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7667: Guy Antoine's questions about Vodou, from Mambo Racine (fwd)

From: Racine125@aol.com

Hi, Guy!  How are you?  It's good to hear from you again.  You write:

<<I am inviting some comments on the following points.  I hope that they will provide the basis for a concrete discussion of some aspects of Haitian religious or non-religious practices, rather than interminable theoretical discussions about the nature of Vodou and who is entitled to speak of it and in what terms.>>

Good idea!

<<1) Do houngans and mambos practice on a level playing field?  Do gender inequalities that are prevalent in society in general also play a role in shaping the various opportunities that are offered to them, in both material and professional terms?>>

Here are my observations - there is no difference, in the ceremonial context, between the functions of Houngans and Mambos.  That is to say, there is no role or ritual that can be fulfilled by one but not by the other.  Houngans and Mambos are both asogwe, or sur point, and both men and women can become hounsi kanzo.

Secular Haitian society strongly devalues women, so this is reflected in the fact that many peristyles are
constructed around a "strong man" as Houngan asogwe, with many female hounsis or Mambos sur point, more than one of whom may be a sexual partner of the Houngan.  In rural peristyles membership frequently follows family lines as well.  Thus there are fewer independant Mambos with large peristyles and active societies than there are Houngans of similar description, there are more men than women leading Rara bands, and so on.  But those that exist function in the same way as our male counterparts.

<<2) What is the difference between a houngan and a bokor?  One version that I have heard describes the bokor as a well-versed houngan who has decided to use his great knowledge of the creed and practice of Vodou
combined with his vast empirical knowledge of the medicinal or poisonous properties of indigenous plants and other forms, to perform deeds that are often malefic, in that they cause harm or death to others.  The bokor allegedly does so in exchange for a lot of money.  In other words, he is a "gun for hire".  Is this a fanciful way of looking at it, or an approximate
description of the reality?>>

I wouldn't say so.  All Houngans and Mambos work for money, we do not have a central diocese paying our salaries.  And most of us undertake magical work intended to favor one person at the expense of another.  I believe the word bokor has two meanings:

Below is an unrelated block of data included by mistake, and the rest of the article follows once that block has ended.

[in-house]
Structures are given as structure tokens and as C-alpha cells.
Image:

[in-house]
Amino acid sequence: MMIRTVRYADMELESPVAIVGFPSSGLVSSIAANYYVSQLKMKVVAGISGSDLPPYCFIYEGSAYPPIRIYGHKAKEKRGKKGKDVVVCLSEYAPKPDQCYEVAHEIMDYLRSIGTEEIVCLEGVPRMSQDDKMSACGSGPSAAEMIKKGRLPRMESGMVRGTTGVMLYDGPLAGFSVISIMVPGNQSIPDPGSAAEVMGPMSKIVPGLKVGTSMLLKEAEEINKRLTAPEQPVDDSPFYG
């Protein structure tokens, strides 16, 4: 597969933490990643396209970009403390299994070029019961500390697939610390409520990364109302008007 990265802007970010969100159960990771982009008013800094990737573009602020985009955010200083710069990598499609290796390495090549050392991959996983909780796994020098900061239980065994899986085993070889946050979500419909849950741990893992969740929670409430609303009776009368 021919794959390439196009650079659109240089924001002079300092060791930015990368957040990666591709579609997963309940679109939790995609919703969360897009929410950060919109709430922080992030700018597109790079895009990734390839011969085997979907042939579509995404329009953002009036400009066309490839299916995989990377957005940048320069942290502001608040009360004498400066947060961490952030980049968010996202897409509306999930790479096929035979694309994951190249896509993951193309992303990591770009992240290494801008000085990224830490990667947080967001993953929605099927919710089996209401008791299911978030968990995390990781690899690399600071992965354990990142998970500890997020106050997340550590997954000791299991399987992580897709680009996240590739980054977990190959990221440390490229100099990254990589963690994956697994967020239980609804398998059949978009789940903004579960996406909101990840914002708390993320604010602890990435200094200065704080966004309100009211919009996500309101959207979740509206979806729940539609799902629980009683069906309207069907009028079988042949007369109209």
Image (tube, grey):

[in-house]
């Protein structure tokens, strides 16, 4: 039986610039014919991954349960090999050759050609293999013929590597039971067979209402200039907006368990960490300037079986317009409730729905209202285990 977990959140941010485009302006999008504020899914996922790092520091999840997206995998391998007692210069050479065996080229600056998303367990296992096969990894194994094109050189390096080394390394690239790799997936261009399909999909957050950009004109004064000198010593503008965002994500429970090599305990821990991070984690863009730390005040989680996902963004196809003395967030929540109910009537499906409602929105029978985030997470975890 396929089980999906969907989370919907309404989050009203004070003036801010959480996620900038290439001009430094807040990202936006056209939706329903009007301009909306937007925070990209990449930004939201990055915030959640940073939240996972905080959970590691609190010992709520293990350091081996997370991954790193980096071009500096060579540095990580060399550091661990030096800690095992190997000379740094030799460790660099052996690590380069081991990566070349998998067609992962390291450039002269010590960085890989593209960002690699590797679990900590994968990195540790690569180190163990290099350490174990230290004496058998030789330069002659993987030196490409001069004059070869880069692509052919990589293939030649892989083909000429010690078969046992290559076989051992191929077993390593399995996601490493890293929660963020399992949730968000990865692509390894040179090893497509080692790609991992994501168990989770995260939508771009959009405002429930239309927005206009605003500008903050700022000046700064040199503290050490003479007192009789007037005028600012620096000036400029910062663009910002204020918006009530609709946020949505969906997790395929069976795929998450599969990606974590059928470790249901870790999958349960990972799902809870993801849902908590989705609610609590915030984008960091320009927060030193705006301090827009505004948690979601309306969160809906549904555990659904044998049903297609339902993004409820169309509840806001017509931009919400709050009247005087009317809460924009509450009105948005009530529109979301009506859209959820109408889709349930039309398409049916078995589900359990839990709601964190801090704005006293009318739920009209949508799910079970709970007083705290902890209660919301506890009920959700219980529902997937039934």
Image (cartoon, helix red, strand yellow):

1) Bokor - the head of a Makaya congregation.  Makaya is another denomination of Haitian traditional religion.  It is different from Vodou in the way that the Baptist church differs from the Roman Catholic
church - they have the same vocabulary and serve many of the same entities, but they differ in the way they conduct their services and in some of the finer points of their philosophy.  When Makaya Bokors attend Vodou services by invitation, we politely call them "Gangan" or "Houngan djakout". 

The Bokor is able to invoke possession by lwa, work magic, and do many (though not all) of the things a Houngan or Mambo can do, but is not kanzo and does not have the asson.  Sadly, Bokors are almost always men, and I say "almost" only because I have not met every single Bokor - I mean to say that I have never yet met a woman Bokor, or seen a Makaya congregation headed by a woman.

2) bokor - a specialist in aggressive magic, usually not initiated.  This is the person a client goes to see
when he wants to kill or cripple someone.  These bokors can indeed kill, but they usually do so by sneaking some poison into the intended victim's food, and often with the complicity of a family member bribed for money (part of the money the client pays).  That is why it is said, "If someone wants to kill you with a wanga and your family is not a part of the plot, you can not be harmed."

(Interestingly, and I digress, in Jamaica I have heard exactly the same sentence with regard to obeah, "If dem a go kill you and fam'bly hand no in-a it, you nah go dead.")

In addition, in some geographical areas, the term bokor is used generically and respectfully to indicate any notable servant of Guinea, including Houngans.  On the other hand Protestants almost always refer to Vodou clergy incorrectly as "bokor", which they intend pejoratively. 

<<3) Do champwel exist?  Do loups-garous exist?  Do zombies exist? Or should I say what exactly is a champwel?  What is a loup-garou?   What is a zombi? >>

The Sanpwel is a secular organization which at best functions like a police department, and enforces social norms.  Sanpwel members, especially at the higher ranks, are usually Houngans, Mambos, or Bokors.  Zombification is the worst punishment that can be imposed by the Sanpwel.

Without going into a great deal more detail, there is information on the Sanpwel at http://members.aol.com/racine125/sanpwel.html

Peace and love,

Mambo Racine Sans Bout

The VODOU Page - http://members.aol.com/racine125/index.html